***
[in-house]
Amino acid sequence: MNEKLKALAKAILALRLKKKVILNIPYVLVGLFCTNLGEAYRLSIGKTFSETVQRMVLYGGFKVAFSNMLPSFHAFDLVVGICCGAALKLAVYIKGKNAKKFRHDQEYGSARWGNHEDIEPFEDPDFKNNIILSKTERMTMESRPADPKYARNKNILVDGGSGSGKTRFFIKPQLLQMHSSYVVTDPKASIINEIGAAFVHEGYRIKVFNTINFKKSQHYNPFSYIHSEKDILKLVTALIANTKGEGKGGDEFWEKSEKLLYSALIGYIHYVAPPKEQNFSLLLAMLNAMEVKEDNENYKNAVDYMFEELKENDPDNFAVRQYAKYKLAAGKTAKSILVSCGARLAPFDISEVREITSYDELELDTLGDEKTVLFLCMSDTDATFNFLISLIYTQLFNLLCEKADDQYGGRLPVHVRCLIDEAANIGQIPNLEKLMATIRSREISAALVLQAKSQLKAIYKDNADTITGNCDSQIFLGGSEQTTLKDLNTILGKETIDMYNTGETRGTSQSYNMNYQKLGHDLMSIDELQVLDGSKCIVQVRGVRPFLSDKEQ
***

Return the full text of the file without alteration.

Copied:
[in-house]
Amino acid sequence: MNEKLKALAKAILALRLKKKVILNIPYVLVGLFCTNLGEAYRLSIGKTFSETVQRMVLYGGFKVAFSNMLPSFHAFDLVVGICCGAALKLAVYIKGKNAKKFRHDQEYGSARWGNHEDIEPFEDPDFKNNIILSKTERMTMESRPADPKYARNKNILVDGGSGSGKTRFFIKPQLLQMHSSYVVTDPKASIINEIGAAFVHEGYRIKVFNTINFKKSQHYNPFSYIHSEKDILKLVTALIANTKGEGKGGDEFWEKSEKLLYSALIGYIHYVAPPKEQNFSLLLAMLNAMEVKEDNENYKNAVDYMFEELKENDPDNFAVRQYAKYKLAAGKTAKSILVSCGARLAPFDISEVREITSYDELELDTLGDEKTVLFLCMSDTDATFNFLISLIYTQLFNLLCEKADDQYGGRLPVHVRCLIDEAANIGQIPNLEKLMATIRSREISAALVLQAKSQLKAIYKDNADTITGNCDSQIFLGGSEQTTLKDLNTILGKETIDMYNTGETRGTSQSYNMNYQKLGHDLMSIDELQVLDGSKCIVQVRGVRPFLSDKEQ